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Penn Sediment Dynamics Laboratory (PennSeD): Experimental geophysics, with a focus on geomorphology (the "science of scenery").  Our research focuses on the spatial and temporal evolution of patterns that emerge at the interface of fluid and sediment on Earth and planetary surfaces. Our group uses laboratory experiments, combined with field work and theory, to elucidate the minimum number of ingredients that are required to explain physical phenomena. Particular foci include: granular physics of fluid-driven (water and wind) sediment transport; controls on the shape and size of sediment grains; landform dynamics including dunes, river channels, deltas and fans; stochastic and nonlinear transport processes; and landscape response to dynamic boundary conditions such as climate. We are based in the Department of Earth and Environmental Science at University of Pennsylvania. Douglas Jerolmack is the lab director.  (River photo: Ben Kimball, www.nhdfl.org; Experiment sketch: Sediment Experimentalists, workspace.earthcube.org/sen)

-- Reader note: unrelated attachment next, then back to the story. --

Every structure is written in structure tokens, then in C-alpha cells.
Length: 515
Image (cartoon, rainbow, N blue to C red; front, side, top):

This page serves to provide information to the outside world about our group and its activities, and also for sharing information within the group.

Prospective PhD students:
If you're interested in joining the team, please contact Prof. Douglas Jerolmack.


Current Projects
(for more information on each project, please follow link to researcher site. Click on images - some are movies!)


https://sites.google.com/site/pennsed/home/Laminar.gif?attredirects=0

Laminar Flume/Granular Physics/Bimodal transport
Researchers: Behrooz Ferdowsi and Carlos Ortiz
Granular physics of hillslope creep, avalanches and landsliding 
Researcher: Behrooz Ferdowsi and Carlos Ortiz
 

Pebble Abrasion
Researcher: Kim Miller
 

White Sands, NM
Researcher: Sam Shaw
 

Above Threshold Equilibrium Channels
Researcher: Gerard Salter
 
Aggregation and transport of asbestos particles
Researcher: Lei Wu



Previous Research Projects

Alluvial Fan Experiments

Alluvial Fan Experiments.
Researcher: Meredith Reitz

Quantifying Bedload using Tagged Tracer Particles 
Researcher: Colin Philips